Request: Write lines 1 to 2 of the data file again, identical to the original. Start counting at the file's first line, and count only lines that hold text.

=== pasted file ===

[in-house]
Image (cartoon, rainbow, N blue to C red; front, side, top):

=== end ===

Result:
[in-house]
Image (cartoon, rainbow, N blue to C red; front, side, top):